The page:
It's that week in the month when I share a tutorial for using one of the ten Rosedaisy Designs from THIS pattern set, and my choice for July is the "Friend" block...
I chose to border the 'Friend" block using fabric which allowed the design to shine by giving it contrast, and finished the display with a white wooden frame that was quite distinctive and yet didn't overpower the stitchery. I think my design, the fabric (Primrose Sands) and the frame (from Target) all worked beautifully together!
As crafters we usually show love and appreciation to a friend with a gift we've made them, and that was the inspiration behind this design.
But the inspiration behind how to use this stitchery came from a number of reader emails asking, "how do you frame a stitchery?" - so I thought it was time I showed them.
Now, I'm going to do double duty on this blog post because I want to share a bit more than a framing tutorial, so bear with me because there's a gift at the end...
This tutorial works with any block you have stitched that you'd like to display in a frame. When I prepare an embroidery design ready to stitch it's always a few inches larger than the size of the actual design area, so if you are not intending to add a border around your block be sure to cut your fabric at least 4" larger than the design - for example, a 5" x 7" design would require a 9" x 11" piece of fabric.
I designed my new stitchery, Love Gives, to fit inside an ornate metal lacework frame I'd purchased a few months back.
The frame was marked to fit a 4" x 6" photo, but when framing an embroidery it's important to note that the aperture of the frame (the area of frame that is seen when a photo or stitchery is placed inside) is usually always a quarter inch smaller.
This meant that the useable area I had in this particular frame was 3 3/4" x 5 3/4".
(When I displayed "Friend" in an 8" x 10" frame I had 7 3/4" x 9 3/4" of useable area)
For a 'whole cloth' display:
After I traced the design onto my fabric I measured the size of the aperture in my frame, before fusing a piece of Parlan the same size behind the design. After the design was embroidered the process of framing could be started:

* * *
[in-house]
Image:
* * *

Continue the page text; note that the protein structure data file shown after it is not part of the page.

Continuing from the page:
Fold a small hem around the raw edges and sew in place...
Cut a piece of medium weight cardboard the same size as the glass in your frame.
Dispose of the glass carefully afterwards.
Lay it over the back of your stitchery and centre it...
You will now need some sturdy thread or thin string. I've used Perle #12 thread from my stash...
Fold the two long sides towards the centre of the cardboard, and after making a knot in the end of your thread and securing it in the hem of one side, begin to lace the thread up and down between both hemmed edges. Start from the end of the cardboard, not the end of the fabric...
Don't pull so hard that you bend the cardboard, just enough that it is snug. You may have to tie off the thread and start with a fresh length one or two times as this technique uses a fair amount...
Turn your stitchery around and begin the lacing from the narrow sides.
Now because these narrower ends have more bulk, from the double hem when folded, they can slide a little and distort the finished appearance, so lace the left side first, leave the centre open, and lace the right side next...
Finish by lacing the middle last...
Place your prepared embroidery inside the frame...
...and replace the frame backing.
For a "bordered" display:
When framing "Friend" I added borders, so I trimmed the block to 6 1/2" x 9 1/2" after stitching.
To save on feature fabric I only used the amount that would be seen through the aperture plus an extra 1/2 inch - then I sewed white homespun around all four sides as this would be hidden afterwards...
I fused some thin Pellon, the same size as the frame aperture, behind the block, and then hand sewed a row of running stitch around the white edge of the design just inside the pink border...
To show another finish for framing your work I quickly put this one together with masking tape.
This requires no tutorial, as you can see that the edges are simply taped down onto the cardboard instead of being laced.
I do prefer the laced method as it gives a lovely snug fit to the block, but it's best used if this framing is a permanent display.
However, if you regularly switch designs around in a particular frame, the masking tape technique would be the easiest and least destructive to the borders as you don't have to remove the cord laces from the back.
Which framing method do you think you would use?
The "Friends" block is available inside the full 10-pattern set of Rosedaisy Designs, or as a single pattern purchase until August 19th.
Both are instant downloads HERE in my shop.
My free stitchery gift to you, "Love Gives" is also available as an instant download here in my shop.